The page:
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Did Polygamy Come In Existence Due To Islam?

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Islam has always been targeted, not just for terrorism but also for the validating polygamous marriage. How is it that when the word Islam means peace, such practices are accepted? Even The Economist has said that the practice of Polygamy prevailing in the Islamic world is likely to create civil wars in societies. Polygamy has been criticized by the UNHRC on the grounds of violating international covenant on civil and political rights which cited “equality of treatment with regard to the right to marry”, it violates the dignity of women and should be outlawed.

In order to understand these statements, let us clear the false tales surrounding polygamy especially in connection with Islam. Also, did polygamy come in existence due to Islam, is it a spiritual obligation for a Muslim man to be polygamous? Or, does Islam support the present day injustices arising due to polygamy?

Polygamy is referred to as a marital practice where one spouse, in most cases men (polyandry for women) has more than one wife. The practice of polygamy is pre-Islamic and has existed, not only in the Arab peninsula, but also in other parts of the world. In the period before Prophet Muhammed’s birth, Arabs were by all accounts of authentic history, a polygamist community. Native Jews and Christians of Arabia, and also foreigners including Indians of Zut (Jat) and Ahamira (Buddhists) groups were generally polygamist. It thus was a system of unrestricted, unprincipled and undisciplined polygamy.

The Prophet himself was a monogamist till the death of his first wife Khadija, who herself was married twice, her former husband died by the time she married the Prophet. During his marriage with Khadija, the Prophet had started his prophetic mission and after the death of his first wife, he was remarried to Sauda, who was an aged, destitute widow. His third and fourth wives were Hafsa and Zainab, who were also widows and the latter being an infirm widow. His fifth wife was Zainab II who was his cousin and had faced the indignity of first marriage and then divorce by a slave. The subsequent wives were Safiya and Umme Habiba who were divorced by their former husbands. Among all his wives, the only woman who was young at the time of marriage and whose marriage to the prophet was her first marriage was Ayesha. Thus, the Prophet who remained a strict monogamist during the first 25 years of his married life, had become a polygamist. This was done to meet the exigencies of his prophetic mission.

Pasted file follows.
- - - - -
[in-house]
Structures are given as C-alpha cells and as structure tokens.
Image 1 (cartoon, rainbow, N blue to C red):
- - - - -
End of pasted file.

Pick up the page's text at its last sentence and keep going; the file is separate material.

In the Holy Quran, there are three verses relating to polygamy. They are found in Chapter IV (Surah Al-Nisa) titled ‘The Women”. These are verse 3, part of verse 23, and verse 129.

Quran 4:03

“And if you fear that you will not deal justly with the orphan girls, then marry those that please you of [other] women, two or three or four. But if you fear that you will not be just, then [marry only] one or those your right hand possesses. That is more suitable that you may not incline [to injustice].”

Quran 4:23

“Prohibited to you [for marriage] are your mothers, your daughters, your sisters, your father’s sisters, your mother’s sisters, your brother’s daughters, your sister’s daughters, your [milk] mothers who nursed you, your sisters through nursing, your wives’ mothers, and your step-daughters under your guardianship [born] of your wives unto whom you have gone in. But if you have not gone in unto them, there is no sin upon you. And [also prohibited are] the wives of your sons who are from your [own] loins, and that you take [in marriage] two sisters simultaneously, except for what has already occurred. Indeed, Allah is ever Forgiving and Merciful.”

Quran 4:129

“And you will never be able to be equal [in feeling] between wives, even if you should strive [to do so]. So do not incline completely [toward one] and leave another hanging. And if you amend [your affairs] and fear Allah – then indeed, Allah is ever Forgiving and Merciful.”

The context in which the first verse on Polygamy (IV:3) appears in the Quran, viz, the problems of orphans and widows, show that the permission is indeed exceptional and not general. If this is true, one must have necessity or justification for having an additional wife. The Quranic context of permission of polygamy was extended by the jurist to some other exceptional situations as well. Among these were,